My mother liked to go dancing at the Aragon (or Trianon—never can remember which) Ballroom in Chicago. The “orchestra”, as she called it, was led by Lawrence Welk. The name didn’t mean a thing. She and her Minneapolis cousins commented that the musicians played out of tune.
We always watched the Lawrence Welk show when I was a kid. It was almost mandatory. Nobody cared too much for it but we watched anyway. I liked the early black and white episodes which are weldom rerun. Those were spontaneous, fun, and at times, artistic. With the introduction of color, the camera work got stiff and stilted. And the men started wearing those matching puke colored sports jackets with white trousers.
Our family ahd connections to the Irish tenor and a guitar player. Lawrence had a familiar demeanor, that of a local farmers’ club emcee. Stiff, proper, and with his accent, quite folksy. I didn’t realize he had an accent. Although my family was Scandinavian not German, talking sort of funny was normal.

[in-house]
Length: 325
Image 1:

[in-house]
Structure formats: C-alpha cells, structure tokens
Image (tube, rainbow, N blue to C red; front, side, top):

I used to watch the dancing and assign neighbors’ names to the audience members. I’d say, “There’s Ann dancing with Mr. So-and-So”. That was great fun and so were the Geritol and Sominex commercials.
The Lawrence Welk show was a gem. Corny, hokey, wholesome, it united an entire generation or two or three. But to tell the truth, I don’t miss it.